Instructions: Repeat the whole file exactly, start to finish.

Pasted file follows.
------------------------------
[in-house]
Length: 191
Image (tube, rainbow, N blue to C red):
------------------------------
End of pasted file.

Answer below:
[in-house]
Length: 191
Image (tube, rainbow, N blue to C red):